Still Bad

Classic rocker commemorates his best album with a bonus-stuffed reissue and new tour.

Ingmar Bergman Cries and Whispers Smiles of a Summer Night
George Thorogood sums up his career with a baseball story. It’s appropriate -- since the classic-rock staple not only spent some time in the minor leagues, he’s more than a little obsessed with the national pastime. “I threw the ball out at a game 20 years ago, and they introduced me as ‘blues artist,’” he says. “Ten years later, I was a ‘rock legend.’ I threw the ball out at Wrigley a few weeks ago, and now I’m a ‘rock icon.’”

Next week, Capitol releases Bad to the Bone: 25th Anniversary Edition -- a digitally remastered and expanded version of Thorogood’s most popular album. He shrugs off its durability. “We had a very clear image of what we wanted,” he recalls. “I had good material, but I didn’t have the chops to pull it all off.” Thorogood, 56, says he started writing songs (including Bone’s title track, whose menacing opening guitar riff has become synonymous with big- and small-screen badasses) only after the obscure blues nuggets he frequently covered disappeared. “I was always afraid another hard-hitting blues-boogie outfit like J. Geils would scoop up the tunes,” he says. “By the time I got around to them, there was hardly anything left. I had no choice but to write my own songs.”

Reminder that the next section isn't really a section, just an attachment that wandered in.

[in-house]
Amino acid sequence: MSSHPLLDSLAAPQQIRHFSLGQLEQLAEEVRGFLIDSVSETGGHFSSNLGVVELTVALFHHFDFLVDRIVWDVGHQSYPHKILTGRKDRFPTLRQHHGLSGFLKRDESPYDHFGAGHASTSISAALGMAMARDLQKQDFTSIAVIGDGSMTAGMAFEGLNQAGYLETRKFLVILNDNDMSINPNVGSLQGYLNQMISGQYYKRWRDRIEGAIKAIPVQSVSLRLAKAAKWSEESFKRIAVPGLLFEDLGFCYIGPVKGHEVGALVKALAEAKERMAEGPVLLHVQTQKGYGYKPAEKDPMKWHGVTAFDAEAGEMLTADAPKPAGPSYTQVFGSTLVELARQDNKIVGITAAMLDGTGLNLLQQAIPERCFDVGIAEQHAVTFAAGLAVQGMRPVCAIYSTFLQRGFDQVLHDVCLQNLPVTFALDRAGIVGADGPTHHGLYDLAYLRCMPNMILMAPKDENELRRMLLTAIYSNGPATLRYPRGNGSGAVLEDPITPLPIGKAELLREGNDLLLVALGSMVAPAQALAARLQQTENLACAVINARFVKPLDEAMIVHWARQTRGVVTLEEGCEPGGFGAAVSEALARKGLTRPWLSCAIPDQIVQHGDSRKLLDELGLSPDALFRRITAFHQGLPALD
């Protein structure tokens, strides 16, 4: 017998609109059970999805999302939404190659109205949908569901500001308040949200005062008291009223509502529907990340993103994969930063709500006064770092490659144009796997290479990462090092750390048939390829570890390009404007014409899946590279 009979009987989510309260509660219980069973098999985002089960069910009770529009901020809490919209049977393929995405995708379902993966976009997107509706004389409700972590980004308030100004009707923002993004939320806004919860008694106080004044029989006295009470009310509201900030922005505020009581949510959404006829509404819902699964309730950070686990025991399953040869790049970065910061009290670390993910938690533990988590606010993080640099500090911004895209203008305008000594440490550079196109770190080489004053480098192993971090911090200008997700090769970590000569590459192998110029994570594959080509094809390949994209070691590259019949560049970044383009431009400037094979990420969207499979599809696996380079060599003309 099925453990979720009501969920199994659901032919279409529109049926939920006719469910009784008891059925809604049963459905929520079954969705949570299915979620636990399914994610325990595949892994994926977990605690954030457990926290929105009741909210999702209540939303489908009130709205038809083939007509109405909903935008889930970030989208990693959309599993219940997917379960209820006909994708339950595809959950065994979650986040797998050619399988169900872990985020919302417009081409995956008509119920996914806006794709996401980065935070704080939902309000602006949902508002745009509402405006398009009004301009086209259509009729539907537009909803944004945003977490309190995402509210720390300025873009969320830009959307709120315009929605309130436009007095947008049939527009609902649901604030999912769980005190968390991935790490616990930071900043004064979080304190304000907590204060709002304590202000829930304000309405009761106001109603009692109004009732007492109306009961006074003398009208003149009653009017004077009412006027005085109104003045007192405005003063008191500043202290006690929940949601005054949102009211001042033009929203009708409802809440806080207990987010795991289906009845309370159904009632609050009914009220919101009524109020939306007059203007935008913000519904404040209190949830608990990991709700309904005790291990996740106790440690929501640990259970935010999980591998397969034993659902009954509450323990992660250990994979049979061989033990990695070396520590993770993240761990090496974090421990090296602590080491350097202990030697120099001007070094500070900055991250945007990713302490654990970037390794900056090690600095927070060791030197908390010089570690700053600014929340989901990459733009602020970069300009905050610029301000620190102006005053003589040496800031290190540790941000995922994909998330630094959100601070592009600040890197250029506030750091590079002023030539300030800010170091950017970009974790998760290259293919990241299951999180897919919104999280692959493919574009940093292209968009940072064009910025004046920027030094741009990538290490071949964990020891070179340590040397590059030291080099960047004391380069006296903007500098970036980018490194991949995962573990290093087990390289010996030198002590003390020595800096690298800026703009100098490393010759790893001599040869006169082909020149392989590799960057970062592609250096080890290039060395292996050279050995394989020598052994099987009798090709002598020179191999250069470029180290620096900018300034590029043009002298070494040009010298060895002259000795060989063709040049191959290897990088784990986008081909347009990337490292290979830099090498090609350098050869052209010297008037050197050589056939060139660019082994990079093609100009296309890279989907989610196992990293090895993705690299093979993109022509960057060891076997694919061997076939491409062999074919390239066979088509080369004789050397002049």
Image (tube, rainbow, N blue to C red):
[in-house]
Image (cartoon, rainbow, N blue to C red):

Fri., Aug. 10, 7:30 p.m.

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